A church at the heart of its community in Oxford is almost halfway to raising £737,000 to improve its facilities and provide even more support for people in one of the city’s most deprived areas.
It is one of many initiatives across the Diocese of Oxford where Christians are working towards our common vision for a more Christ-like Church.
The vision at St Mary and St Nicholas is to be a seven-day church, open to everyone, that embodies the love of God in the community. The work will see a more efficient heating system, a kitchen and a toilet installed, and the pews removed to make-way for stackable chairs. A balcony will be built for the organ and musicians and the vestry area converted into a single large meeting space. The church is nearly halfway to raising the £737,000 for the work to create what will be known as the Newman Meeting Place
A place for people to come
The parish is in the lowest 10 per cent nationally for child poverty, with 13 per cent of people of working age living in poverty and 14 per cent of pensioners living in poverty. Situated between the bigger Blackbird Leys and Rose Hill estates, which have community facilities, Littlemore has nowhere that people can meet for coffee and a catch-up. Church Urban Fund provides an in-depth breakdown of deprivation levels.
“There is nowhere for people to sit and talk. We hope we can provide a building fit for formal sessions but also informal things,” says the Revd Margreet Armitstead, priest-in-charge. Currently the 19th-century building is kept warm with three different make-shift heaters, there is no running water and inflexible, old fashioned pews.
Prayer and generosity
Fundraising for a major improvement project in an area of deprivation seemed like a long shot, but after a 30-day prayer retreat, Margreet felt inspired to try. “I realised our weakness was going to be our strength. We would step into this vision as part of our journey of faith. If it’s God’s vision for us here it will happen,” she says.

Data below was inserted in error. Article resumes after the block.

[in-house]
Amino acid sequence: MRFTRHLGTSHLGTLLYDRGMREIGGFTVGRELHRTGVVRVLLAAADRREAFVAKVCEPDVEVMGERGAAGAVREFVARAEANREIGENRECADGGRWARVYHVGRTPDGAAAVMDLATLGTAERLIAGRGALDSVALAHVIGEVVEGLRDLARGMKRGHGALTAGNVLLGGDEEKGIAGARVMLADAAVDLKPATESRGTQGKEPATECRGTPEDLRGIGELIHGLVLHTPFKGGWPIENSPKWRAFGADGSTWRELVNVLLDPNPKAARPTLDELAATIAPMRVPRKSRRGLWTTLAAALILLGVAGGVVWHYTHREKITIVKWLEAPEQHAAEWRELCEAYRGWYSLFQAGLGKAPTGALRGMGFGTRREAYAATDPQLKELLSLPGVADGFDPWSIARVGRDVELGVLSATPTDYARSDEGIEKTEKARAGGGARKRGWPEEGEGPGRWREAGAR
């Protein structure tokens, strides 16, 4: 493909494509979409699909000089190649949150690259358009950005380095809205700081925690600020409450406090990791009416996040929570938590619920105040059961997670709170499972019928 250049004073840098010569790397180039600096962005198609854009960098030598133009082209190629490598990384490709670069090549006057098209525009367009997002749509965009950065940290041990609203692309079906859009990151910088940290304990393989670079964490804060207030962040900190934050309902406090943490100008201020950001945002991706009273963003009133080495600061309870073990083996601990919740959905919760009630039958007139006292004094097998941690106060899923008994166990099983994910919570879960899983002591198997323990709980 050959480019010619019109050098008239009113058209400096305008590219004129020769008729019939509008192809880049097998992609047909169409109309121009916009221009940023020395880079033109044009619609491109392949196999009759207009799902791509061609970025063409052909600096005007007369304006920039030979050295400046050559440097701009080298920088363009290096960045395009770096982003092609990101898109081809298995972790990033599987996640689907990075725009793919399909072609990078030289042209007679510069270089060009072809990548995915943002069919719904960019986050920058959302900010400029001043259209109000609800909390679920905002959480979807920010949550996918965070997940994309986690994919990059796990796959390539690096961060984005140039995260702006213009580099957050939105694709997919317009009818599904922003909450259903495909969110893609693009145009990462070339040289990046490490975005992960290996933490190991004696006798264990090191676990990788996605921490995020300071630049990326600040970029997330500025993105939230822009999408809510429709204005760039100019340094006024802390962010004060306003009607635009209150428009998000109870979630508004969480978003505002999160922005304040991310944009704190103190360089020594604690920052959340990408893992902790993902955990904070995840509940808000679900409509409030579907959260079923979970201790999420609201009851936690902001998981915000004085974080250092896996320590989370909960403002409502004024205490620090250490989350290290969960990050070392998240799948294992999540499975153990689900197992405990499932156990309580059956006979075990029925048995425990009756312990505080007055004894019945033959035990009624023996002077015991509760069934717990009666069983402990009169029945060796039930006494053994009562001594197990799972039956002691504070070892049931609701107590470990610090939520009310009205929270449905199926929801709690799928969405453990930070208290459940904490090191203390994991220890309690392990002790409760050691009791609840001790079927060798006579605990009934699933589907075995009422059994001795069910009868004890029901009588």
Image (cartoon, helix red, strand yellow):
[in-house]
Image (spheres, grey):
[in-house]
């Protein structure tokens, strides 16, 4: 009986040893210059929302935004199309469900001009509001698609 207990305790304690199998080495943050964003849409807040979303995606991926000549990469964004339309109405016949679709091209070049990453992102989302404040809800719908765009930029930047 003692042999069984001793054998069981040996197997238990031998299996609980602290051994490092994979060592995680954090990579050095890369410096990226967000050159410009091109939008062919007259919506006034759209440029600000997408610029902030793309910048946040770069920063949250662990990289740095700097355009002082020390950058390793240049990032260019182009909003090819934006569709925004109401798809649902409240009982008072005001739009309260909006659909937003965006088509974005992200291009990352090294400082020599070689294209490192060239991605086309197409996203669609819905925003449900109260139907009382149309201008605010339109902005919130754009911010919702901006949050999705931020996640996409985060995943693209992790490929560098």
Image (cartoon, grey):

And people began to get on board with the project. “One after the other they sat on the sofa in my study and I explained what we were doing and one after the other they explained how they could help,” she says.
St Mary and St Nicolas Church was built because of a campaign by the then vicar of St Mary’s University Church in Oxford, John Henry Newman
John Henry Newman was the vicar of St Mary’s University Church in Oxford Its benefice included Littlemore which was then a rural hamlet with no school or church. Read how Newman campaigned for the church and provided lessons for local children here: johnhenrynewman.org
Dr Philip Salmon, a specialist historian, got involved because of the link with Newman. “As a historian, I know about the struggle Newman had to build the church. We are looking at a community that has been overlooked. It’s a church that is doing a lot for its local community but when you look at the facilities it is a national scandal.”
Philip explained that in terms of the architecture, the church had been replicated internationally. “Particularly in places like South Africa there are examples that are identical,” he says. Newman could be canonised in the near future – a move that could put the church on the tourist/pilgrim map and raise its profile internationally.
Over her 15-years in Littlemore, Margreet has worked with the diocesan parish development adviser as well as others to deliver community projects. The church renovation will provide better facilities for these ongoing projects. These include a Christmas Day lunch, set up after a man posted a note on Littlemore’s Chinese take away. His note stated he had just eaten a slice of toast for Christmas dinner.
“It was shouting to the community that this was supposed to be a joyful day, but for him, this was a miserable day. We put something in the Littlemore Local asking for help,” says Margreet.